Her mother, Cindy, wanted her arrested. From that moment on Casey was under intense psychological pressure.
This 22 year old woman had no police record and had no contact whatsoever with law enforcement whatsoever, except that she had dated a policeman. She had "no awareness, no hard in the street kid, not somebody who had any idea of what's going on."
That evening, "at least four deputies arrived, all in full regalia, uniforms, badges, guns, cartridge belts, etc."
Those bits and pieces of information are what Cheney Mason wanted the judge to see of poor Casey. Take the previous four paragraphs and tell me where there are mis-statements or half-truths! It's sort of a "what's wrong with this picture" game.
Mason continued with his long, rambling speech, which I will not attempt to duplicate or summarize here. However, as he spoke, there were more "half-truths" and "misstatements".
She was briefly interviewed and then handcuffed and led out to deputy Acevedo's patrol car and put in the "cage" leaving her a prisoner. Then, she was driven around to Sawgrass. "with another deputy in full regalia, who followed in another car." The other deputy, Fletcher came up to Acevedo's car and interviewed her, again without Miranda about the "nanny scenario."
Mason then explained that Sgt. Hosey took her for a walk when she got back. (Nasty comment about Hosey here about his not remembering much other that the contents of that conversation.) At that point Casey was un-arrested.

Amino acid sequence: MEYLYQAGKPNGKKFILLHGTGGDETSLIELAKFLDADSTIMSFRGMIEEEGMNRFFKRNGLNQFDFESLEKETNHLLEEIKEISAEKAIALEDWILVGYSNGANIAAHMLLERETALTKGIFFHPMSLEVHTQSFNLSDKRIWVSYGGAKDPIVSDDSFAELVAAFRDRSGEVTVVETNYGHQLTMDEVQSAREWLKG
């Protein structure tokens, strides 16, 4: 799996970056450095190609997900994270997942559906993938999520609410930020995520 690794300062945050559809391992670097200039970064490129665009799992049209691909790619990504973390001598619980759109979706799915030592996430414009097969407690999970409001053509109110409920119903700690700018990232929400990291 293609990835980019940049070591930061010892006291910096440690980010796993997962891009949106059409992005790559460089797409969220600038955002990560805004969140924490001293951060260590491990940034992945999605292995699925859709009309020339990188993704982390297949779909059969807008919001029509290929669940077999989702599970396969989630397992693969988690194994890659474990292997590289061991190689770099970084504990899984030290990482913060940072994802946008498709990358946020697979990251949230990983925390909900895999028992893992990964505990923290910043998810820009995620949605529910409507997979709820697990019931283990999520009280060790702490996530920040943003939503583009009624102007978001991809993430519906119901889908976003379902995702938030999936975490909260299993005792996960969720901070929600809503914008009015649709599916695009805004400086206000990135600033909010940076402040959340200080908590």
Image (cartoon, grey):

At this point, Judge Perry interrupted Mason to ask when the handcuffs were removed. According to Mason, the record was unclear about that. However, Mason went back to the fact that even before she was handcuffed, she was in a psychological situation where her mother was yelling at her and the deputy was "holding" her to write a statement. (I suppose that Mason wanted to get across that she was psychologically handcuffed from the get-go.)
I'm leaving out any more snarky comments here because I do want to give you a chance to pick them out and comment on them for yourselves.
In essence, this was the body of Mason's argument. He also discussed the family members as being Agents of the State. It was a summation of the defense testimony presented with plenty of digs at the misbehavior of the detectives who ensnared the family into acting as Agents of the State.
There was some discussion of case law Mason had provided to the judge and it was the State's turn.
Linda Burdick (for sake of brevity, I will use the name she refers to herself by) responded with a detailed time line of the events. She calmly presented it and went on to argue the State's position on both the issues. Again, no details here, because we all heard or read about the testimony. I would like to include her time line, however, to help you in the "what's wrong with the picture" game that was Cheney Mason's presentation. Burdick, indeed started out by stating that there were fundamental disagreements with the facts which have been taken completely out of context and mixed up.